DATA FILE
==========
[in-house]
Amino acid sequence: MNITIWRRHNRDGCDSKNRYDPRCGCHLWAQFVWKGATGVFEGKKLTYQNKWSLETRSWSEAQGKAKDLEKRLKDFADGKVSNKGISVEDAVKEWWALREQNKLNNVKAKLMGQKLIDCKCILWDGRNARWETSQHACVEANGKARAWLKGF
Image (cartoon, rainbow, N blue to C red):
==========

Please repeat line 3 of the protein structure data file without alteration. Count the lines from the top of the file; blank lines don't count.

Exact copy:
Image (cartoon, rainbow, N blue to C red):